Readers like you keep news free for everyone.

More than 5,000 readers have already pitched in to keep free access to The Journal.

For the price of one cup of coffee each week you can help keep paywalls away.

Support us today
Not now
Advertisement

Polish official says Germany could owe Poland €690 billion for World War II damages

To date, Poland has not made an official demand.

Memorial on the grounds of the former German Nazi Death Camp Treblinka, near the village of Treblinka, northeast Poland
Memorial on the grounds of the former German Nazi Death Camp Treblinka, near the village of Treblinka, northeast Poland
Image: Alik Keplicz via AP

A POLISH OFFICIAL has said that Germany could owe his country €690 billion for the damage it inflicted during World War II.

Arkadiusz Mularczyk is leading a team in the parliament that is assessing potential reparations to Poland. Germany killed 6 million Polish citizens and caused great material losses during its nearly six-year occupation of Poland.

“We are talking about very large, but justified amounts of compensation for war crimes, for destroyed cities, villages and the lost demographic potential of our country,” Mularczyk said on Polsat News, a private broadcaster.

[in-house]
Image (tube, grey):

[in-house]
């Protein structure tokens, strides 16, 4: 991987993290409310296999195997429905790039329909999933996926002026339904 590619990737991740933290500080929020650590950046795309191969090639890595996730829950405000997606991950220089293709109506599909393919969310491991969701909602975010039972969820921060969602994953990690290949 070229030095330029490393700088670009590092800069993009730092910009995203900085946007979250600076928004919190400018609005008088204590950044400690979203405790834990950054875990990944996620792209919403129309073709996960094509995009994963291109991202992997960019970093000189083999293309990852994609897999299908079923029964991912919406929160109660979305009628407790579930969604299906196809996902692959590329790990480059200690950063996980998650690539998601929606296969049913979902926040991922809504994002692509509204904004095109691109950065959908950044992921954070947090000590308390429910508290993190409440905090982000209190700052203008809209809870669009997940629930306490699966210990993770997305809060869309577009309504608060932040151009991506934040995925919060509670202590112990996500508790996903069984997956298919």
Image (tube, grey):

Last year, Poland’s ruling conservative-nationalist Law and Justice party said the nation deserves compensation for its losses and set up a team of lawmakers under Mularczyk’s leadership to estimate how much is due.

To date, Poland has not made an official demand. Germany has repeatedly said there is no legal basis for Poland’s reparation claims because the matter was settled in a 1953 agreement.

Poland’s current authorities have argued the 1953 decision is invalid because it was dictated by Moscow when Poland was a satellite of the Soviet Union.

Making a difference

A mix of advertising and supporting contributions helps keep paywalls away from valuable information like this article.

Over 5,000 readers like you have already stepped up and support us with a monthly payment or a once-off donation.

For the price of one cup of coffee each week you can make sure we can keep reliable, meaningful news open to everyone regardless of their ability to pay.

Since then, Germany has paid some compensation to individual Poles who were forced labourers or victims of German pseudo-medical experiments during the Nazis’ wartime occupation.

Read: Public appeal to find 17-year-old missing since Monday

More: Farmers struggling with dairy supplies as Storm Emma freezes pipes across the country

About the author:

Associated Press

Read next:

COMMENTS (95)

This is YOUR comments community. Stay civil, stay constructive, stay on topic. Please familiarise yourself with our comments policy here before taking part.
write a comment

    Leave a commentcancel